5 Tips for Balancing a Master’s Degree With Full-Time Teaching

Mastering being both student and teacher is no easy task.

Balancing a Master's Degree

Have you ever thought about getting a master’s degree, but then shuddered at the thought of having to do your own homework on top of all the homework you have to grade? Or maybe you’ve been putting off a required certification because life is already too hectic and you’re not sure you could get it all done. We hear you. That’s why we rounded up these five secrets for balancing a Master’s degree with lesson planning, grading, work, and family. Rest assured—it can be done.

 

Time-Saving Secret #1: Get to school early—or stay late.


Many teachers have told us that it can be difficult to find time to study or write papers when they’re at home and faced with the demands of family and chores. Arriving at school even an hour early can help you put on your “work” hat, minimize distractions, and get coursework done. Of course, it’s a good idea to head straight to your classroom—and avoid the teacher’s lounge gossip.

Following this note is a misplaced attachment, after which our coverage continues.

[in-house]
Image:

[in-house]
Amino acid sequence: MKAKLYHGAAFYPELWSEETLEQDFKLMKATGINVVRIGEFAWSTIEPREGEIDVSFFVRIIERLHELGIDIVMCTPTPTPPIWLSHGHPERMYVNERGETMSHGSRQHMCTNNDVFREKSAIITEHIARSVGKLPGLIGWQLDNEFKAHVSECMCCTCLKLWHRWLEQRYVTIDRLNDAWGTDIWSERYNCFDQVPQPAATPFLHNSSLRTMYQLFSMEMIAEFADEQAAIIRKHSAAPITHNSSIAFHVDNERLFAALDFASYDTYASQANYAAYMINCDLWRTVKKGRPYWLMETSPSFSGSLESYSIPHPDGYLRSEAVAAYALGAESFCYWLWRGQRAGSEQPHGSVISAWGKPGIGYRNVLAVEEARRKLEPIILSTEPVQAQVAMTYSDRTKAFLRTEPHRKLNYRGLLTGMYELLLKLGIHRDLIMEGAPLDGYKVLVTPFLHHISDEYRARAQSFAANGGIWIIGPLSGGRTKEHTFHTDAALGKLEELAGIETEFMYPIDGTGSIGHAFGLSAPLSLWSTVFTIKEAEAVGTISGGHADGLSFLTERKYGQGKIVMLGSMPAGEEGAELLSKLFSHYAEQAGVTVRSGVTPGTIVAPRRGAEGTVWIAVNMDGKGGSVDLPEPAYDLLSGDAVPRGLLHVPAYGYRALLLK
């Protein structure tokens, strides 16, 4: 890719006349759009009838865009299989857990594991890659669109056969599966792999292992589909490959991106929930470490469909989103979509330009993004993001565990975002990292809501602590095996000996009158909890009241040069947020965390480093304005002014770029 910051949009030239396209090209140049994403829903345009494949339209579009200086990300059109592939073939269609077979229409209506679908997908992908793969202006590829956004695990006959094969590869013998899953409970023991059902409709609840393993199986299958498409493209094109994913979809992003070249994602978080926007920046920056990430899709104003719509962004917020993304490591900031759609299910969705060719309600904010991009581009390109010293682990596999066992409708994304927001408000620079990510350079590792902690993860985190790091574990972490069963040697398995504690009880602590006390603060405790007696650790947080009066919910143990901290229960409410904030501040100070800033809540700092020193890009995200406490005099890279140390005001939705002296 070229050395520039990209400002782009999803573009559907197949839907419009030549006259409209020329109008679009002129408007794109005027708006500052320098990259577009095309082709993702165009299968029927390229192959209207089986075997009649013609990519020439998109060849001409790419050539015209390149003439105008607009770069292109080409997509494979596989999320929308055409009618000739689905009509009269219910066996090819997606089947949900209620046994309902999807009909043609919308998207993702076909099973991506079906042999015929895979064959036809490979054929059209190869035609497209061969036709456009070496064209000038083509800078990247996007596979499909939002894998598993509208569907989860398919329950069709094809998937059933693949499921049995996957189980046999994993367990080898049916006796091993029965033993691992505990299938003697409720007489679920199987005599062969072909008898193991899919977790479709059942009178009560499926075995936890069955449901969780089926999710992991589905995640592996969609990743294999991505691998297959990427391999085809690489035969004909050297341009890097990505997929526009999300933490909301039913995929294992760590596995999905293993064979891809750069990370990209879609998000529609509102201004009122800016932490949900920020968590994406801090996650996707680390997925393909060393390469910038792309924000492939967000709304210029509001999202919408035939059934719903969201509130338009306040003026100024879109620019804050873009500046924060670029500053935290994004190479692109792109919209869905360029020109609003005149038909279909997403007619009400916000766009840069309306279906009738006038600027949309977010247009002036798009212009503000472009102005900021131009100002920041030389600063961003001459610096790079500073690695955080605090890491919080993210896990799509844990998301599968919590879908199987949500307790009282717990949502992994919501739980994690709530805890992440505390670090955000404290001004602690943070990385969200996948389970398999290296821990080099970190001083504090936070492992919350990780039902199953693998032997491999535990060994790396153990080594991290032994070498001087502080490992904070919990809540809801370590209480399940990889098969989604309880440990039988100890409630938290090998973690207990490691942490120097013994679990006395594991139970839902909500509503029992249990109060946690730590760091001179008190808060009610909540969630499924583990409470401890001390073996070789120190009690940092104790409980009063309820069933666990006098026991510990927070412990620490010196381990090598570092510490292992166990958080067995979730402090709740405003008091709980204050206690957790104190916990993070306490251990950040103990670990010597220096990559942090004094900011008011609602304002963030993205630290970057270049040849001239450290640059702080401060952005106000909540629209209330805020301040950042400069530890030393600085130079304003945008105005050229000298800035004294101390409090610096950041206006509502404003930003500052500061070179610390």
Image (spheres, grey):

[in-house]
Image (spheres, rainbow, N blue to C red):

Time-Saving Secret #2: Do double duty.

Chances are you’ll be asked to develop curriculum and lesson plans as part of your master’s degree. Whenever possible, aim for this curriculum to serve current benchmarks and goals in your classroom. That way, you won’t spend a Sunday afternoon planning lessons, when you’ve already spent Sunday morning doing your homework.

 

Time-Saving Secret #3: Schedule in study time.

You may be more likely to honor your study time—and not use it to grade spelling tests—when you block it off in your planner. From four until five p.m., you won’t take calls from parents or schedule meetings with coworkers, instead only working on your assignments. You can even set a kitchen timer to help you stay on task.

 

Time-Saving Secret #4: Give up what you can.

Let’s face it—no one can do it all, not even the super teachers you see in TV movies. It’s okay to cut corners where you can. While you’re working on your master’s, avoid signing up for extra obligations like sponsoring the chess club or making brownies for the bake sale. And remember that it’s okay if your family eats takeout—or if someone else takes over cooking duty. Take advantage of your built-in excuse while you have it!

 

Time-Saving Secret #5: Be honest with everyone involved.

It’s a problem for teachers everywhere—we put too much on our shoulders and don’t reach out for help. But when you’re getting your master’s, your principal and coworkers should know about your educational plans, and your professors and classmates need the details on your full-time job. You never know—a colleague could volunteer to take your lunch duty, and a professor might extend a deadline if it’s the same week report cards are due. Trust us, you’re not the only person who wants you to succeed!

Posted by WeAreTeachers Staff

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